In 2008, Summer released her first studio album of original music in 14 years entitled Crayons, which brought her American success, peaking at #17 on the US Top 200 Album Chart, and modest international success. The album was released on the Sony BMG label Burgundy Records. The songs "I'm A Fire", "Stamp Your Feet", and "Fame (The Game)" reached number one on the US Billboard Dance Chart. The ballad "Sand on My Feet" was released to adult contemporary stations and reached number thirty on that chart.
While commenting on the album, Summer said, “I wanted this album to have a lot of different directions on it. I did not want it to be any one baby. I just wanted it to be a sampler of flavors and influences from all over the world. There’s a touch of this, a little smidgeon of that, a dash of something else…like when you’re cooking.”
On the song “The Queen Is Back,” Donna Summer reveals her wry and witty self-awareness of her musical legacy and her public persona. “I’m making fun of myself,” she admits. “There’s irony, it’s poking fun at the idea of being called a queen. That’s a title that has followed me, followed me, and followed me. We were sitting and writing and that title kept popping up in my mind and I’m thinking, ‘Am I supposed to write this? Is this too arrogant to write?’ But people call me ‘the queen,’ so I guess it's ok to refer to myself as what everybody else refers to me as. We started writing the song and thought it was kind of cute and funny.”
Summer wrote “The Queen Is Back” and “Mr. Music” with J.R. Rotem and Evan Bogart, the son of Neil Bogart, Casablanca Records founder. Neil Bogart died from cancer at the age of 39. He signed Summer to his Casablanca Records label in 1975 and released what would be most of her biggest albums and singles during the 70s decade. “I adored him and would have given up everything for him to be alive,” says Summer, remembering a time backstage long ago “when the nail person didn’t show up and Neil got on his knees and did my toenails. In many ways he was my mentor and I didn’t get to say goodbye to him.” When Summer met Evan Bogart, she was struck by his uncanny resemblance to his father. “It’s almost like they chiseled him out of his father,” Summer observed. “I’m in the studio looking at him and I get tears in my eyes, he has no idea why. I just wanted to hug him because it’s like I’m seeing someone I haven’t seen since his father passed away. It’s almost like Neil is looking at me through him. Evan and I hit it off immediately; there was a synergy that happened really quickly.”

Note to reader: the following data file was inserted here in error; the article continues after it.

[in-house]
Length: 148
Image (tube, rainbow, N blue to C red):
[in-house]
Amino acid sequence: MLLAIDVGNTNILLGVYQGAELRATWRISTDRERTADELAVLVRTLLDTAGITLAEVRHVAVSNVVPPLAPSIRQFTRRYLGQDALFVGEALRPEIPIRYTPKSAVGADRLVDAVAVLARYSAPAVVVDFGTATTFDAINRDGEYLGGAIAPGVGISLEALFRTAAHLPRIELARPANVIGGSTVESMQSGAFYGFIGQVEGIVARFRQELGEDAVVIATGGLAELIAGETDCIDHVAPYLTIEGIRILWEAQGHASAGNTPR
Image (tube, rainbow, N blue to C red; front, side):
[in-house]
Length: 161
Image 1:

On December 11, 2009, Summer performed at the Nobel Peace Prize Concert in Oslo, Norway, in honor of US President Barack Obama. She was backed by the Norwegian Radio Orchestra.
In August 2010, she released the single "To Paris With Love", co-written with Bruce Roberts and produced by Peter Stengaard. In October 2010, the single reached #1 on the US Billboard Dance Chart. Also that month Donna taped and closed the show for the PBS Special "David Foster and Friends". Highlights include a duet with Seal: a medley with the songs "Unbreak My Heart / Crazy / On the Radio.".
On July 29, 2010, Summer gave an interview with allvoices.com where she was asked if she would consider doing an album of standards. She replied:
"I actually am, probably in September. I will begin work on a standards album. I will probably do an all-out dance album and a standards album. I'm gonna do both, and we will release them however were gonna release them. We are not sure which is going first."
On September 15, 2010, Summer appeared as a guest celebrity singing alongside rising star Prince Poppycock on the television show America's Got Talent.
On October 16, 2010, she performed at a benefit concert at the Phoenix Symphony.
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Discography